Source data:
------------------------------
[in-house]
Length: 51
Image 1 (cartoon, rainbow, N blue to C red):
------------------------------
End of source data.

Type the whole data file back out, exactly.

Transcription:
[in-house]
Length: 51
Image 1 (cartoon, rainbow, N blue to C red):